Meet the team - Grace Gielink

The Urban Big Data Centre brings together the expertise and experience of colleagues from all over the world. We'd like to introduce some of them in a series of informal profiles.

What is your job title at UBDC, and what does your role entail?

I am a Project Officer working within the Urban Sustainability and Participation projects at UBDC. My role comprises of general administration, organisation of meetings amongst the teams, monitoring of project task assignments, monitoring of project budgets, supporting all team members with various research tasks and communications, and liaising between project partners.

What are you currently working on?

Currently, my time is focused primarily on the IDEAMAPS Data Ecosystem research project which just kickstarted this year. Working with partners in Kenya, Nigeria, the UK, and the US, the project aims to bring together different mapping approaches to produce a more accurate and community-validated depiction of “slums” and informal settlements in Kenya and Nigeria. With this validated information, produced in collaboration with residents and government leaders who live and work there, people will be able to communicate more effectively to request basic improvements in the areas where they live and give visibility to their needs.

Are there any subject areas you’d like to explore in more depth in the future?

Most recently on a trip to Nairobi with the IDEAMAPS team, I was fascinated to learn more about the building materials that people use in slums and informal settlements. Materials range from iron sheets, to concrete blocks— some buildings are just one storey, and others are multi-storey structures that have grown vertically over time. I’d like to know more about this specific kind of development and how people use the resources they have on hand to build the most suitable home for themselves and their neighbours.

Can you tell us a little about your background?

I’m from Cleveland, OH (USA) which is a medium-sized city located on the banks of Lake Erie, one of the Great Lakes bordering Ohio, New York, Michigan, and Canada. I’m the oldest of 5 siblings who have all just recently spread from Ohio to Montana, Colorado, and Texas— giving me loads of new places to visit. I was always interested in cities and more specifically, historic buildings within cities. Cleveland has deep industrial roots and is part of the Rust Belt of the US which suffered significantly from the effects of de-industrialisation. This is a big part of Cleveland’s fabric, with many old industrial buildings still sitting vacant and painting a very clear picture of the city’s background. I was always in tune with this growing up, and when I went on to study Politics, I was interested primarily in how local politics and community action play out in the context of buildings— preserving buildings and finding new uses for existing buildings.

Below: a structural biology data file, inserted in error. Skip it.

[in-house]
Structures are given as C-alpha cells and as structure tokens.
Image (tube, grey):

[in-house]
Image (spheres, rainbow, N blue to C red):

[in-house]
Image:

After studying Architectural Conservation in Edinburgh, I went to live in Massachusetts where I was trained in traditional building trades such as masonry, wood window repairs, and basic carpentry. I worked on historic buildings owned by the state and national park services across Massachusetts, most notably the old military buildings that still stand on the Boston Harbor Islands (a place that even most Bostonians have never visited. I highly recommend visiting if you’re in Boston and up for a nice ferry ride). I then worked in Rhode Island for several years where I helped run a program for teaching people how to build and repair dry stone walls— the same kind of walls that are found throughout Scotland and England.

I now live in Edinburgh with my partner Kyle and my well-travelled cat Jalapeño (Jala) who came over with me from Rhode Island. I enjoyed an unforgettable plane journey with her to Amsterdam followed by a ferry to Newcastle where we were welcomed by Kyle after several years of long distance partnership.

What do you like about living in Scotland?

To be honest one of my favourite parts about living in Scotland is the climate. I enjoy the overcast days that are never too hot or too cold, and sunny days take on a new kind of special feeling. I love being able to walk everywhere and have access to different kinds of landscapes and bodies of water throughout the country. Even on days where I have nothing to do, I know I can just step outside and a simple walk will take me to somewhere new or something that I haven’t noticed before. Every time I leave, I always want to come back.

What other interests do you have outside of work?

Outside of work, I am either hiking, running, walking, reading, trying new food (although I am mainly a non-meat person I’ll pretty much try anything), taking pictures (I don’t claim to know what I’m doing, but I absolutely love it) or going to the beach with my cat. My favourite thing to do with friends is sit outside and talk over a couple of cheap snacks— or walk until we’ve realised how many miles have passed.

I also enjoy sewing and making repairs to my clothes, but am still learning how to properly use the machine I have. On that note, I’m also learning how to cycle in the city— I’ve always loved to cycle, but have no experience in busy areas, so it’s a new territory for me.

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